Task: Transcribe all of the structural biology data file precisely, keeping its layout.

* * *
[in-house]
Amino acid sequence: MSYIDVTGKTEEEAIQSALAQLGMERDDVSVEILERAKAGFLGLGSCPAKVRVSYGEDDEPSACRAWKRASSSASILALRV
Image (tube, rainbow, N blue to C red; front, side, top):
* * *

[in-house]
Amino acid sequence: MSYIDVTGKTEEEAIQSALAQLGMERDDVSVEILERAKAGFLGLGSCPAKVRVSYGEDDEPSACRAWKRASSSASILALRV
Image (tube, rainbow, N blue to C red; front, side, top):